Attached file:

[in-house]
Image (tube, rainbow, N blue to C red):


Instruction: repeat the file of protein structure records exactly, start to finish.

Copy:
[in-house]
Image (tube, rainbow, N blue to C red):